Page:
Product Dev: How to Find, Select and Hire Reputable Suppliers and Manufacturers

If you have an idea and you’re ready to turn it into a tangible product start with these four steps.

Last Update – December 19, 2014

Many founders (with good intentions) initially focus on the wrong areas. I’ve observed these behaviors in the wild (i.e. startup accelerators) when a group of strangers take up residence in a conference room and begin to plot world domination. But somehow they get lost in a Bermuda Triangle of strategy, superfluous jargon, opinions and egos – leaving little done at the end of the day with no real result.

To be honest, once upon a time, I too started with an initial focus on all of the wrong things – marketing, public relations, business development and so on. These things are very instrumental along the way. But they mean absolutely nothing without one simple thing – a viable almighty product.

 

How to Develop an ‘Almighty’ Product

Developing a viable product that is sellable and shippable should be your main priority. And if you’re on that path, or possibly your second or third startup – you know how important this idea truly is. When you get started down the product development road, one of your main challenges will be locating, selecting and hiring reputable suppliers and manufacturers. But don’t panic. Over time, this process can become second nature and systematic.

If you have an idea and you’re ready to turn it into a tangible product start with these four steps:

 

1. Admit you know nothing.

This is hard for some of us, myself included, but it’s important to start any business endeavor with a blank canvas. Be willing to “hunt and gather” as much information as possible. This doesn’t mean that you should aimlessly wander about hoping and wishing that a finished product will manifest itself on your kitchen table. Instead, start where you are.

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Fashion designer, Ralph Lauren had no experience in fashion design, yet he now presides over a Polo/Ralph Lauren empire. “I didn’t know how to make a tie,” Lauren confessed to Vogue in 1982. “I didn’t know fabric, I didn’t know measurements. What did I know? That I was a salesman. That I was honest. And that all I wanted was quality.” It’s not what you know that makes you great. It’s your willingness to admit what you don’t know and move forward intelligently to acquire what you lack.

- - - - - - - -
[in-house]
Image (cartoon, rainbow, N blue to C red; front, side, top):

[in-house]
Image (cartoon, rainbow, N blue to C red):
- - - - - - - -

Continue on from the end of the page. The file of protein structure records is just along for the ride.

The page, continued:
2. Discover prospective partners.

Now it’s time to develop a short list of manufacturers and suppliers that have done (or are doing) what you aim to do. “Where do you find this list?”

One of my most coveted resources that I personally use to locate manufacturers and suppliers is ThomasNet.com. Their supplier discovery and selection platform for OEM, MRO and other products and services is unmatched.

Start by searching out what you need. Then develop a short-list, give the vendors on your list a call, schedule site visits, slide each of them an NDA (non-disclosure agreement) across the table and begin to share your ideas with people capable of showing you how to bring them to life. You may not know the precise product roadmap, so it would do you a great service to partner with those that do.

 

3. Create a short-list of suppliers and manufacturers.

Once you’ve done your due diligence (and learned a few things along the way) take your new-found knowledge and make an informal comparison. Or you may want to take a more formal approach and send out Requests for Proposals (RFPs).

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Ultimately, based on your information select the most promising partners (2-3 at most), gather your capital and move into sample (prototype) production. But take caution before you become married to your initial plans. Whatever estimates you have made – double them. It will always take longer than you expect and may cost more than you budgeted for. Don’t let your lack of mastery and speculation in these two areas put a choke hold on your company. Plan for the best and expect the possibility of undesirable outcomes.

 

4. Hire the best and execute.

Once you’ve seen your suppliers and manufacturers in action, it’s time to hire the best. Did they complete the job to specifications? Were the quoted lead-times met or exceeded? Did one manufacturer save you money by incorporating a design improvement you hadn’t thought of yet? Choose your partners based on their merits.

 

This is meant to serve as a high-level overview of the process and you may, or may not, choose to incorporate various details. Yet, this simple formula can help you make your dreams a reality and keep your idea from being tagged as “dead on arrival.”

 

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